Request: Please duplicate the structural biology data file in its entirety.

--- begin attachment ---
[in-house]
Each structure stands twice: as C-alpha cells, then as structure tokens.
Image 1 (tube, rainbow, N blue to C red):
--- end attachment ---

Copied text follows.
[in-house]
Each structure stands twice: as C-alpha cells, then as structure tokens.
Image 1 (tube, rainbow, N blue to C red):